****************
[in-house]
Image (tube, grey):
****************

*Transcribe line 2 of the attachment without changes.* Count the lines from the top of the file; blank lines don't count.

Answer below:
Image (tube, grey):